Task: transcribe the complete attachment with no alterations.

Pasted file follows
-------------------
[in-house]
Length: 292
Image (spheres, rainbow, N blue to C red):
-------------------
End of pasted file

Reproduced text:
[in-house]
Length: 292
Image (spheres, rainbow, N blue to C red):